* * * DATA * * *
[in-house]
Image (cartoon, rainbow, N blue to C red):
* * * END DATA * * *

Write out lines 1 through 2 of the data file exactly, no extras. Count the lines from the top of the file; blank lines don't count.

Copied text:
[in-house]
Image (cartoon, rainbow, N blue to C red):